When combining one or more of any polymerizable monomers properly, a polymer soluble or insoluble in an acidic or basic aqueous solution can be obtained at will. For example, a polymer obtained by polymerizing dimethylaminoethyl methacrylate and methacrylic acid ester in an appropriate ratio is soluble in an acidic liquid (for example gastric juice) while a polymer obtained by polymerizing methacrylic acid and methacrylic acid ester in an appropriate ratio is soluble in a basic liquid (for example intestinal juice). But a polymer obtained by polymerizing one or more polymerizable monomers having an appropriate number of functional groups (for example vinyl group) alone or in combination, for example, the copolymer of 2-hydroxyethyl methacrylate and diethyleneglycol dimethacrylate is not soluble in either acidic or basic solutions.

In the method of obtaining polymers having various properties by various combinations as above described, the means of preparing the polymers is limited to a radiation polymerization method, although the kind, composition and components are optional. Further, one method of controlling the elution of a physiologically active substance from a polymer composition is to polymerize a polymerizable monomer in coexistence in an inert solvent such as polyethylene glycol, hydroxypropyl cellulose, etc. In such polymerization a void pore space is formed within the polymer by the elution of inert solvent. The void pore space is an important factor for controlling the elution of physiologically active substances since the void pore space can be controlled by selecting the kind and concentration of the inert solvent.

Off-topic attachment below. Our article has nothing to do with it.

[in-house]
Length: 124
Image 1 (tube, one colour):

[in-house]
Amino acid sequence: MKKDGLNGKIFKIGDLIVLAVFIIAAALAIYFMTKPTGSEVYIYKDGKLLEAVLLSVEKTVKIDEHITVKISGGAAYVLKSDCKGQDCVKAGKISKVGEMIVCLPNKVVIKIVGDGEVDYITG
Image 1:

The present invention is not limited to a radiation of ordinary temperature or a lower temperature domain as 0° C., differing from the processes of the above described prior inventions, Therefore, there is no necessity for using a polymerizing catalyst and solvent normally necessary for polymerization in such low temperature domain, and so these are not mixed as impurities in the polymer composition. In addition, the present invention can be characterized in that the radiation sterilization of the polymer can be effected and that the polymerization and the encapsulation of the physiologically active substance are performed simultaneously so that the resulting composition is stable.

Polymerizable monomers suitable for use in the present invention include: